What is keratitis?
Keratitis is the inflammation of the cornea, the front transparent part of the eye. It can affect just its surface layers or the deeper layers, and might even lead to ulcers and corneal scars that jeopardise vision. This disease should therefore be diagnosed and treated in time to avoid complications and serious after effects.
Redness and eye pain are two symptoms that should urge you to arrange an emergency visit to the ophthalmologist. In the event of keratitis, you will often also notice excess tears and that light bothers you greatly, as well as a loss of visual acuity depending on the degree to which the cornea is affected.
Keratitis can be caused by many different things, and there are two main groups:
- Infectious keratitis: due to bacteria, fungi, amoeba, parasites or viruses (one of the most common being the herpes virus).
- Non-infectious keratitis: caused by severe dry eye, eyelid abnormalities (such as lagophthalmos), allergic reactions, sun exposure, chemical burns, certain drugs such as corticosteroids, skin diseases such as rosacea etc.
One of the main risk factors is the wearing of contact lenses, especially if you do not follow suitable guidelines for use and hygiene, which increases your likelihood of suffering corneal infection. This is the case of very aggressive Acanthamoeba keratitis, which occurs in 80% of the time in contact lens wearers (if you swim with them in, do not clean them or store them in the appropriate products, etc.). As a basic preventive measure, whether or not you wear contact lenses, you must avoid touching your eyes without having first washed your hands.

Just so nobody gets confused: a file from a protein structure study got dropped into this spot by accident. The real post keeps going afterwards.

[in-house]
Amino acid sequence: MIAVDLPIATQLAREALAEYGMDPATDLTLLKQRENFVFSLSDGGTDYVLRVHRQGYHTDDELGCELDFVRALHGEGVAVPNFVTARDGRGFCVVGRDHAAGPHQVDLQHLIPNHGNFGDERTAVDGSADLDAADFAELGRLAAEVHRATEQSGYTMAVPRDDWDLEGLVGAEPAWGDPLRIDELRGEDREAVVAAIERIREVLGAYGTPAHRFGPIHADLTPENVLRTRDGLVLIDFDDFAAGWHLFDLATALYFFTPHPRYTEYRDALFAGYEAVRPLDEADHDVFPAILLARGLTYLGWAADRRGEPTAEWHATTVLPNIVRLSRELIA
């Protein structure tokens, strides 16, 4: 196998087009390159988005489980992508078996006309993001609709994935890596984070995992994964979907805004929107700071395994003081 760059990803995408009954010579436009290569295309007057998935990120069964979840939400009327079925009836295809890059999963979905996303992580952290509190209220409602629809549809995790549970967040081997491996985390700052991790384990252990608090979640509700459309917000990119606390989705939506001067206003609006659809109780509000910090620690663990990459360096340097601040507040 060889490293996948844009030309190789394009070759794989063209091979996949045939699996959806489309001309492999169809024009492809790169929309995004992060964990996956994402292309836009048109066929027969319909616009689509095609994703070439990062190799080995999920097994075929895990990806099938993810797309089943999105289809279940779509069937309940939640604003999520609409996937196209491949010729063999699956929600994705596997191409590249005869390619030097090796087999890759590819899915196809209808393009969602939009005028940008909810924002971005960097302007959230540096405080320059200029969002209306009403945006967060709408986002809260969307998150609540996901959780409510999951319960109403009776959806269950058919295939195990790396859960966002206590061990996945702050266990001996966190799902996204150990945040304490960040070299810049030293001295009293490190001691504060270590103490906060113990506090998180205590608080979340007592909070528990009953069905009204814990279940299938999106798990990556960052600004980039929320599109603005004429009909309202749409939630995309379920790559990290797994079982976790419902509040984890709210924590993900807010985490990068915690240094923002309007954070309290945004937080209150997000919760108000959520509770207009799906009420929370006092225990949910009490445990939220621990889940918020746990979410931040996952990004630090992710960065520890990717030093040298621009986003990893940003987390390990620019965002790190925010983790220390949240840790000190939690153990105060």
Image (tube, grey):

Diagnosing the cause of keratitis is essential so that we can provide correct therapeutic guidelines that can range from the prescribing of eye drops to antibiotic, antiviral or antifungal drugs, as well as different treatments to regenerate the eye’s surface that contain growth factors (including Endoret eye drops). In severe cases, we might choose surgery and corneal reconstruction techniques that use amniotic membrane and corneal transplantation.
At the Miranza clinics we highlight the importance of acting on keratitis in time, as delaying the application of the appropriate measures for a few hours could lead to a worse result in terms of vision.